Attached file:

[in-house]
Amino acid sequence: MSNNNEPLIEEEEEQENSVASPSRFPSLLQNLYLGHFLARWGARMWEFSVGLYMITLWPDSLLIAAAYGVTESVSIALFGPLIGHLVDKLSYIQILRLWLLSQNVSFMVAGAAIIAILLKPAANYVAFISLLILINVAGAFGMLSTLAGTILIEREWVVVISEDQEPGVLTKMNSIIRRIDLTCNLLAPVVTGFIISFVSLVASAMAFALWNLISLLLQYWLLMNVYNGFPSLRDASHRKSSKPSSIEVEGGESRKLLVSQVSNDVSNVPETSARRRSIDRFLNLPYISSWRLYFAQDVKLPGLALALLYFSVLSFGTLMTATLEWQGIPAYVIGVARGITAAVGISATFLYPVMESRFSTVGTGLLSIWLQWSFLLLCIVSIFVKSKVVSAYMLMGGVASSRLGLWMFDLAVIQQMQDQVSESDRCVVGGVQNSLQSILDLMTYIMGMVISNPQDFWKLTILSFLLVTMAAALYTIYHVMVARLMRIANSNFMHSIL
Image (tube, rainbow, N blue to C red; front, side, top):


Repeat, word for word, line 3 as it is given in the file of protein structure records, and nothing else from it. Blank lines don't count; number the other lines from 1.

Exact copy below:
Image (tube, rainbow, N blue to C red; front, side, top):